Closing Keynote for CHEAD Regional Seminar on The Role of Contextual Studies in Art School Education, The Glasgow School of Art 16/4/2015
I specifically address how the Juche mentality operates internally in art schools. Key to this is the connection between the liberal use of the euphemism ‘integration’ in art schools and how it’s used to manufacture folk devils by opponents of multiculturalism. In this framework, ‘studio’ is implicitly presented as the righteous indigenous territorialised community and ‘context’ as other.
When departmentalism is considered as a community of practice ‘integration’ can be understood as a latent form of monculturalism and assimilationism, one aided by the monotechnic roots of art schools. This is anathema in terms of how knowledge is produced today.
Connected to this is the assumption that the art and design curricula are fine and just need tweaking. In fact, like any exceptionalist Juche-style regime, they are fundamentally flawed and need to be rebuilt from scratch. That can only happen through a radical transformation of the art school’s community of practice so that it is symbiotic with international communities of knowledge production.
January 23rd 7-9pm
January 24th- February 1st
Artists: Thomas Aitchison, Antonia Banados, Tessa Berring, Kirsty Boutle, Kate Bowe O’Brien, Emma Bowen, Carolyn Burchell, The Confraternity of Neoflagellants, Anna Danielewicz, Tim Dodds, Soosan Danesh, Mark Doyle, Micha Eden, Joe Etchell, James Findlay, Brittonie Fletcher, Greg Fullerton, Andrew Gannon, Richa Goel, Keith Guy, Lydia Honeybone, Rebecca Horne, Irvine and Noble, Daisy Lafarge, Suzanne van der Lingen, Kate Livingstone, Stephen Kavanagh, Morgan Kinne, Mirja Koponen, Elizaveta Maltseva, Michele Marcroux, Alessandro di Massimo, Lara MacLeod + Peter Amoore, Angela McClanahan, Scott McCracken, Lesley McDermot, Magaret McGovern, Eilidh McPherson, Dylan Meade, Phoebe Mitchell, Kyle Noble, Anna Oberfeld, Robby Ogilvie, Ortonandon, Santiago Paulos Wood, Matthew Poland, Emma Potterill, Jordan Pilling, David Reid, Sat With Fruit, Cate Smith, Nectarious Stamatopoulos, Tara Stewart, Willem Venter, Devin Wallace, Gosia Walton, Susana Wessling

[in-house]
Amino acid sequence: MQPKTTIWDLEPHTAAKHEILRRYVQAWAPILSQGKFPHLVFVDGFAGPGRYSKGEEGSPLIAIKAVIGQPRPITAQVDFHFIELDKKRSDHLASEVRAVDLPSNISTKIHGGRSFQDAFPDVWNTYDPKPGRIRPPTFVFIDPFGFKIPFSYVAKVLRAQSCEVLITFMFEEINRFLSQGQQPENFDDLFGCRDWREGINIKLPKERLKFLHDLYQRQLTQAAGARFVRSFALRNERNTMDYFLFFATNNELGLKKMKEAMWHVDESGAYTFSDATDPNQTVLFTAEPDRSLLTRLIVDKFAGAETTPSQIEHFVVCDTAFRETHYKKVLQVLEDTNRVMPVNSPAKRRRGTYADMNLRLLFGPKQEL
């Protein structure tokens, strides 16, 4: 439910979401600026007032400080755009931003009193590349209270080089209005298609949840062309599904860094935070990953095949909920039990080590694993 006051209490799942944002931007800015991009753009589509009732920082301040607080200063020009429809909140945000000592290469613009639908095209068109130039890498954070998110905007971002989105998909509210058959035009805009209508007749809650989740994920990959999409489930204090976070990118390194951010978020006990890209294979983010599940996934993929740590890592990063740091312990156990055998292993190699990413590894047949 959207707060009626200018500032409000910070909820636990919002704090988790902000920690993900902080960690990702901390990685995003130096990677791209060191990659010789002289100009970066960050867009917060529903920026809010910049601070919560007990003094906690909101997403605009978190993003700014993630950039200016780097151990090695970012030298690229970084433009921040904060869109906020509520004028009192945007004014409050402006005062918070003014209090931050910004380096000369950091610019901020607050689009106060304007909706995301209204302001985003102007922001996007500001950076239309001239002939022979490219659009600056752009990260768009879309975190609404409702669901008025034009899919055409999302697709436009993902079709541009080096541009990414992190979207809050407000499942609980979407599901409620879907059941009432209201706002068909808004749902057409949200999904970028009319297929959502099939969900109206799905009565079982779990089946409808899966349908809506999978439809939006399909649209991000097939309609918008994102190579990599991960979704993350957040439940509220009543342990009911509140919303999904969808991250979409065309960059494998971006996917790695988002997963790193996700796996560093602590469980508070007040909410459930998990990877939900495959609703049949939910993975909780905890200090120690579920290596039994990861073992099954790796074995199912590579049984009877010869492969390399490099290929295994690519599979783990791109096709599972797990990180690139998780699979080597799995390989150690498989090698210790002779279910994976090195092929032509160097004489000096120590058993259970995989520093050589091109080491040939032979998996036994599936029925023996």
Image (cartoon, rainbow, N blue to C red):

January 23, 2015
School of Art, Edinburgh College of Art, University of Edinburgh (Hunter Lecture Theatre), 10.00 am
with Hans Abbing, Evangelos Chrysagis, The Confraternity of Neoflaggelants (Norman James Hogg and Neil Mulholland), Angela McClanahan, Georgios Papadopoulos, Stevphen Shukaitis, Marina Vishmidt
Taking its cue from debates surrounding the contested character of value in artistic production, this one-day symposium presents an interdisciplinary take on the issue by bringing together scholarship from the fields of anthropology, art and critical theory, Marxism and economics. Some of the areas that the participants will address include the following:
Aesthetic value and processes of urban regeneration
Speculation and art production
Ethical values and economies of affect
Emotional labour, entrepreneurialism and self-precarization
Technologies of value and digital media
Neo-medievalism and hyper-economies
A play featuring things from the Scottish Arts Council’s Glasgow Gallery (1968-74) and the first ten years of Third Eye Centre, Glasgow (1975-86) based on www.glasgowmiraclearchives.org
Commissioned by ‘The Glasgow Miracle: Materials for Alternative Histories’, Glasgow School of Art. Click on the image below to read the play: